With a common border of over 2,500 miles, Russia and China are locked into a relationship by the simple fact of geography in a way neither is with the United States, which inherently is in the most secure position of the three. The Russo-Chinese relationship can be hostile (as it notably was in the late 1960s, when the two then-communist giants fought a short border war that threatened to escalate into a nuclear conflict and set the stage for Nixon’s China initiative) or it can be cooperative. Fueled in part by an entrenched American animus against Russia and a growing one towards China, Moscow and Beijing have chosen full-spectrum partnership via the Shanghai Cooperation Organization (SCO), the Belt and Road Initiative (BRI), Eurasia Economic Union (EAEU), the New (formerly BRICS) Development Bank (NDB), and other initiatives. Finally, Russia and China are working in concert to de-dollarize their financial systems in favor of local currency and of gold, which both countries have been buying in massive amounts.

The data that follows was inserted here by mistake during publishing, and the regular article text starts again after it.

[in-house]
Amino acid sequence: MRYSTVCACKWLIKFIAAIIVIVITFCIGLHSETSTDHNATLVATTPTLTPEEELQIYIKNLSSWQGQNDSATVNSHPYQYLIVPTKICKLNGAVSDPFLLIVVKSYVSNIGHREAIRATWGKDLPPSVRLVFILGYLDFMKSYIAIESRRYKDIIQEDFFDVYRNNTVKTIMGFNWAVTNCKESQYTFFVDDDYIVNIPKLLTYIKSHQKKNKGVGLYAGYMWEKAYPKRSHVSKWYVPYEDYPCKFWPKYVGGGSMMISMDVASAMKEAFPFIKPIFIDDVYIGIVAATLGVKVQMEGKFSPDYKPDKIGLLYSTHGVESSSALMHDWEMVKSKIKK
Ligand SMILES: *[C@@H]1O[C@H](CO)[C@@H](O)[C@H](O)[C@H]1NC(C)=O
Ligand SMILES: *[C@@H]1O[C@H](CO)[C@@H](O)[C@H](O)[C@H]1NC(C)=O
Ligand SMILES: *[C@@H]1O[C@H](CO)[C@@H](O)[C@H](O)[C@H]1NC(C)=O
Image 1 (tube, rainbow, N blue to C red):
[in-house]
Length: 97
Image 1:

Such ties between Russia and China are as natural, complimentary, and obvious as are America’s with Canada and Mexico. It’s hard to picture Moscow (or Beijing) abandoning them because someone in Washington flashes a come-hither look.
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If Trump survives the efforts to remove him (either politically or physically) – a tall order, given the forces arrayed against him – and doesn’t plunge the US and the Middle East into an Iran misadventure that would destroy his presidency, it is still an open question whether he can deliver on an America First policy. Along with getting control of our borders and restoring America’s industrial base eroded by bad trade policies, that must mean completing his demolition of the failed neoliberal order of which the US has been the guarantor and enforcer.
In its place the only stable and mutually advantageous arrangement for America is a Big Three accord with both Russia and China. The notion of turning one against the other should be dismissed as the distraction it is.